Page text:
How to format your references using the Legal Medicine citation style

This is a short guide how to format citations and the bibliography in a manuscript for Legal Medicine. For a complete guide how to prepare your manuscript refer to the journal's instructions to authors.

Using reference management software

Typically you don't format your citations and bibliography by hand. The easiest way is to use a reference manager:

PaperpileThe citation style is built in and you can choose it in Settings > Citation Style or Paperpile > Citation Style in Google Docs.
EndNoteDownload the output style file
Mendeley, Zotero, Papers, and othersThe style is either built in or you can download a CSL file that is supported by most references management programs.
BibTeXBibTeX syles are usually part of a LaTeX template. Check the instructions to authors if the publisher offers a LaTeX template for this journal.

Journal articles

Those examples are references to articles in scholarly journals and how they are supposed to appear in your bibliography.

Not all journals organize their published articles in volumes and issues, so these fields are optional. Some electronic journals do not provide a page range, but instead list an article identifier. In a case like this it's safe to use the article identifier instead of the page range.

A journal article with 1 author
J.W. Vaupel, Biodemography of human ageing, Nature. 464 (2010) 536–542.
A journal article with 2 authors
J.-Y. Chen, D.-Y. Huang, A possible Lower Cambrian chaetognath (arrow worm), Science. 298 (2002) 187.
A journal article with 3 authors
I.I. Naumov, L. Bellaiche, H. Fu, Unusual phase transitions in ferroelectric nanodisks and nanorods, Nature. 432 (2004) 737–740.
A journal article with 4 or more authors
Y. Wang, J. Ma, J. Wang, P. Yuan, G. Xie, X. Ge, F. Liu, X. Yuan, H. Zhu, L. Qian, Single-shot measurement of >1010 pulse contrast for ultra-high peak-power lasers, Sci. Rep. 4 (2014) 3818.

Books and book chapters

Here are examples of references for authored and edited books as well as book chapters.

An authored book
B.S. Fulton, Drug Discovery for the Treatment of Addiction, John Wiley & Sons, Inc., Hoboken, NJ, 2014.
An edited book
N. Karacapilidis, ed., Mastering Data-Intensive Collaboration and Decision Making: Research and practical applications in the Dicode project, Springer International Publishing, Cham, 2014.
A chapter in an edited book
D.E. Cullen, Nuclear Data Preparation, in: D.G. Cacuci (Ed.), Handbook of Nuclear Engineering, Springer US, Boston, MA, 2010: pp. 279–425.

Web sites

Sometimes references to web sites should appear directly in the text rather than in the bibliography. Refer to the Instructions to authors for Legal Medicine.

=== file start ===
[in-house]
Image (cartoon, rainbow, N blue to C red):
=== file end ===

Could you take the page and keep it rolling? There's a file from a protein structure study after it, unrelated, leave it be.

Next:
Blog post
R. Andrews, Is This Italian Volcano About To Explode Into Life And Bury Rome?, IFLScience. (2016).


This example shows the general structure used for government reports, technical reports, and scientific reports. If you can't locate the report number then it might be better to cite the report as a book. For reports it is usually not individual people that are credited as authors, but a governmental department or agency like "U. S. Food and Drug Administration" or "National Cancer Institute".

Government report
Government Accountability Office, Federal Research Grants: Opportunities Remain for Agencies to Streamline Administrative Requirements, U.S. Government Printing Office, Washington, DC, 2016.

Theses and dissertations

Theses including Ph.D. dissertations, Master's theses or Bachelor theses follow the basic format outlined below.

Doctoral dissertation
T. Thompson, Assessing the determinants of information technology adoption in Jamaica’s public sector using the technology acceptance model, Doctoral dissertation, Northcentral University, 2010.

News paper articles

Unlike scholarly journals, news papers do not usually have a volume and issue number. Instead, the full date and page number is required for a correct reference.

New York Times article
M. Tackett, Puerto Rico’s Hurricane Victims Could Find Political Clout in Florida, New York Times. (2017) A13.

In-text citations

References should be cited in the text by sequential numbers in square brackets:

This sentence cites one reference [1].
This sentence cites two references [1,2].
This sentence cites four references [1–4].

About the journal

Full journal titleLegal Medicine
AbbreviationLeg. Med. (Tokyo)
ISSN (print)1344-6223
ScopePathology and Forensic Medicine
Issues, ethics and legal aspects

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